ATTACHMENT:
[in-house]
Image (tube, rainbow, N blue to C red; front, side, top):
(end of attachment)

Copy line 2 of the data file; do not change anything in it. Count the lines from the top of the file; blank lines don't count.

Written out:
Image (tube, rainbow, N blue to C red; front, side, top):